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ICE joins new partnership to help prevent bridge collapses

01 May 2024

The initiative encourages engineers and other professionals in the sector to confidentially report near misses and close calls.

ICE joins new partnership to help prevent bridge collapses
The Francis Scott Key Bridge collapsed on Tuesday 26 March 2024. Image credit: Shutterstock

Bridge designers, constructors and maintainers are urged to support a new ICE-backed partnership aimed at preventing future bridge collapses around the world.

The ICE has joined forces with the UK Bridges Board (UKBB), the Bridge Owners Forum (BOF) and the Infrastructure Client Group to highlight the importance of reporting near misses and close calls to CROSS-UK.

CROSS-UK, which stands for Collaborative Reporting for Safer Structures UK, is a voluntary occurrence safety reporting scheme jointly run by the ICE and the Institution of Structural Engineers (IStructE).

Preventing future collapses

Bridge collapses around the world happen with alarming regularity. Indeed, in the last month, the collapse of the Francis Scott Key Bridge in Baltimore, USA hit the news worldwide.

This was far from an isolated incident. Since 2000, there have been 66 reported fatal collapses claiming over 1,200 lives.

Preventing these collapses is crucial for our profession.

A key way in which that can be achieved is through sharing lessons from near misses and close calls – more formally known as precursor events.

If these precursors can be recognised, they are vitally important to forecasting and preventing more serious incidents in the future.

Reporting near misses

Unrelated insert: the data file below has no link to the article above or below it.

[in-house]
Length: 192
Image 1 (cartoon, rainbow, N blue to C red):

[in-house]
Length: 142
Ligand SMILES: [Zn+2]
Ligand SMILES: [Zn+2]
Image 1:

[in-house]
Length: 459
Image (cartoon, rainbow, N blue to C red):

The new partnership aims to encourage engineers and other professionals from across the world to confidentially report precursors that they have observed through CROSS.

Making a report to CROSS is simple. Read more about the short process and submit a report online by visiting the CROSS website.

For bridges, examples of precursors could include:

  • the unexpected failure of a bridge element, including structural support to bearings, joints, and parapets;
  • structural cracking which appears or reopens after repair; or
  • other symptoms of distress which cannot be explained.

Reporting these precursors will help ensure the safety of structures.

“Bridges and other highway structures are crucial parts of our transport networks,” said ICE director of engineering knowledge, Mark Hansford.

“The ICE has been a joint owner of CROSS since its inception, and we welcome this endorsement from BOF and UKBB.

“The information shared as a result of this partnership will be an important element in helping create safer infrastructure,” Hansford said.

Importance of maintenance

The initiative comes at a crucial time.

Last Autumn’s second National Infrastructure Assessment from the UK’s National Infrastructure Commission highlighted that good road and rail transport links between cities are essential to economic growth yet have been underinvested in.

The NIC’s report added that road and rail infrastructure is likely to cost more in the future due to increased demand, ageing assets and climate change.

The NIC argued that maintenance must therefore be a top priority.

But with budgets constrained, concerns are growing that the investment will be made and that asset condition can be maintained.

It’s hoped that with strong engagement in the bridge reporting initiative, an evidence base can be built that makes the case for sustained investment in asset maintenance.

“By establishing this partnership, the UK Bridges Board are facilitating the sharing of best practice in the design and management of bridges,” said Hazel McDonald, chair of the UKBB.

“We strongly encourage bridge owners, managers and all those working in the sector to confidentially submit reports to CROSS.”

  • ICE knowledge insights team, knowledge insights at ICE